Friday, June 17, 2011

Invert Z-Depth ( Back-Face Culling ) in Blender 2.57

These are some of the first things that I created to start off in Blender and how I made them.

A Cube Inside of Another Cube
My first few creations were inspired by an artist on - Cezkid.  He makes 3D pixelated 8-bit video game characters (voxel models) that I found to be pretty novel - Cezkid Voxel Characters. He uses Google SketchUp not Blender.

cube inside of another cube with Invert Z Depth enabled
So at first glance, this cube looks quite unimpressive. You'd think it was just a cube with a big blue border around it, but it's not. And it wasn't that easy to figure out how to execute.  I asked Cezkid for some leads and he mentioned "back-face culling". Well it was a lead, but it did me little good because Blender doesn't have an option named back-face culling or anything similar.  Also, this was my first model, and I had little to no idea how to determine the visibility of a polygon or face.  After many hours of Googleing and tweaking, I happened to stumble upon the Invert Z Depth property (Zinvert in earlier versions) by accident - success.
Brief Invert Z Depth Explanation:
These are two cubes- a small one ( solid grey material with Recieve Shadows and Cast Shadows turned off and Z Transparency turned on), and a bigger blue one ( solid blue material with Shadeless and Invert Z Depth property turned on).  This creates a mesh (the big cube) that has transparent faces when they point to the camera.  This also works on two-sided faces in case anyone's wondering. Read on to see exactly how I did it.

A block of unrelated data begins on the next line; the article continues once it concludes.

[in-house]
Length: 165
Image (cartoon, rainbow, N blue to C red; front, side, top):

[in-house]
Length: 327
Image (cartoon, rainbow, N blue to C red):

Invert Z Depth Tutorial:
You don't need an actual mouse with a wheel for this tutorial. A touch pad will suffice.
  • Open a new Blender project
  • Right click on the cube in the 3D View to select it.
    selected cube object
  • Go to Properties Panel (SHFT+F7) and select Material
  • Materials icon in Properties panel
  • Scroll down to Shading and check Shadeless
  • set Shading to Shadeless
  • Scroll down to Options and check Invert Z Depth
  • Inver Z Depth
  • Place the cursor in the 3D View and press the ZKey to show the cube in Mesh mode.
  • Be sure the cube is selected and press SHFT+DKey to duplicate the cube. 
  • Press ESC (otherwise the duplicated cube will move around)
  • Press SKey > type the number .5 > press ENTER (this scales a cube down to half size)
  • scaled cube inside duplicate in mesh mode
  • Now be sure that the smaller cube is selected and go to the top of its Material panel.
  • Remove the Material by pressing the minus-looking button.
  • Remove material and add a new one
  • Press the + New button that pops up.
  • Check the Transparency option and enable Z Transparency (THIS IS IMPORTANT)
  • enable Z Transparency in the smaller cube
  • Scroll down to Shadow and un-check Recieve.
  • un-check Recieve in Shadows option
  • Press F12 to render!

If everything went smoothly, you should see this:

 Hope this may help anyone who may be looking for something similar. I have no idea how this will hold up under other scenarios or circumstances, but it worked for this example.

Other Objects
Here are two other objects that I created with the same concept.

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